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The Top 12 Marijuana News Stories That Changed Our World in 2017

The Top 12 Marijuana News Stories That Changed Our World in 2017

Dina Al-Shibeeb
Health Canada: “No Changes” To Ottawa’s Marijuana Policy Following Sessions Move

2017 witnessed a slew of events that left a permanent mark on how the world perceives marijuana. It all started with Uruguay setting the trend in the being the first country worldwide to legalize marijuana. And California, with almost 40 million in population, is ready to make it happen in 2018.

1- Uruguay becomes first country to legalize marijuana

On July 2017, Uruguay became the first country in the world to fully legalize marijuana, allowing its citizens to buy recreational cannabis from pharmacies.

Legalization of marijuana in Uruguay has created some domino effect to Ottawa. Uruguayan Ambassador Martin Vidal credited his South American country’s cannabis legalization nationwide as something of a trailblazer for countries like Canada.

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Pharmacies Uruguay now sell recreational marijuana. (File photo via Reuters)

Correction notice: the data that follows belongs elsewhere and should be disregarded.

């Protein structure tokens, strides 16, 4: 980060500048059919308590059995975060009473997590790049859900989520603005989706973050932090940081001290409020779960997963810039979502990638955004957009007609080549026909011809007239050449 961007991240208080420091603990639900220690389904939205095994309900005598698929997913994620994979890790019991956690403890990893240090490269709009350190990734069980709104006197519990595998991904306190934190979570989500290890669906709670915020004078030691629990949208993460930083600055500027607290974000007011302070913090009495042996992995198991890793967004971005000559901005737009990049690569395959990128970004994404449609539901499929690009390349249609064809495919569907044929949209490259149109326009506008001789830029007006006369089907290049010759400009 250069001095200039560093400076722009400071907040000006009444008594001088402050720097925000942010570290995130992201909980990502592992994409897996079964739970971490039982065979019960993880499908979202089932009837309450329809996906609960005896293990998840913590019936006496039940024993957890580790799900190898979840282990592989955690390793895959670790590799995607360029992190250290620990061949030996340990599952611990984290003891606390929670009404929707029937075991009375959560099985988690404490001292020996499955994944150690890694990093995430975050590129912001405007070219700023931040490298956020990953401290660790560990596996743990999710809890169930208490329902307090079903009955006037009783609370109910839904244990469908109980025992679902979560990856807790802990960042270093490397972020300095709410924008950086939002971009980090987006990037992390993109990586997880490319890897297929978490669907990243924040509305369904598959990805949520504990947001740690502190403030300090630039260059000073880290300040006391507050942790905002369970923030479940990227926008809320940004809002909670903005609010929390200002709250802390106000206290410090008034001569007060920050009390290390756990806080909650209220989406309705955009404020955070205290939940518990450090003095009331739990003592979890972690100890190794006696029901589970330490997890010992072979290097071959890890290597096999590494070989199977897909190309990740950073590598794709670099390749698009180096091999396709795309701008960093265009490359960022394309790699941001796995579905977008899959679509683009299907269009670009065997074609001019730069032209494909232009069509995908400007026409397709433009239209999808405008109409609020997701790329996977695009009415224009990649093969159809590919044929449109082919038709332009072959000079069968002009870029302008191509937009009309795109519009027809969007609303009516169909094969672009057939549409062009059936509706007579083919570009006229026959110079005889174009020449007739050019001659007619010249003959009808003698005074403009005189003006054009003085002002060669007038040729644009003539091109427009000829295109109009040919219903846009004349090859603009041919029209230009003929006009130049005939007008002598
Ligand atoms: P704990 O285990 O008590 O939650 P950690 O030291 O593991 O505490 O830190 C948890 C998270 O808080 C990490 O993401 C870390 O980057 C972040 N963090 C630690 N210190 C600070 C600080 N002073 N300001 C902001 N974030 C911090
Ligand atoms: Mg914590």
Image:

2-  Canada makes solid plans to legalize recreational marijuana  

In late November 2017, Canada’s Cannabis Act or Bill C-45 was sent to the Senate for final approval. This sent positive signals for Canadian marijuana stocks to reach a new high. If approved, Canada will be the first developed country in the world to legalize marijuana.

In another twist of events, Canada’s Prime Minister Justin Trudeau said on Dec. 20 that  “next summer,” and not July 1, is the date cannabis will become legal across the country.

Initially, Canadian Federal Health Minister Ginette Petitpas Taylor made an announcement in November that the Liberal government’s proposed cannabis regulations was set for July 1, 2018, coinciding with Canada’s National Day.

3- Health Canada acknowledges drug-impaired driving as challenge

Health Canada publishes a survey on Dec. 19 with participants 16 and older nationwide to give both the Canadian government and its people a deeper look on how marijuana is consumed in the country.

About 9,215 Canadians were surveyed. They were asked about their knowledge and use of cannabis, including driving behaviors after consuming cannabis. Of those, 2,650 reported using pot in the previous year for non-medical or medical purposes.

The survey was used to help both federal and provincial governments prepare for the legalization of recreational marijuana in the summer of 2018.  Health Canada acknowledged drug-impaired driving and enforcing prohibitions on it will be a challenge. Who knows if this could affect the Senate in delaying its decision?

4- California with a population of almost 40 million prepares for legalization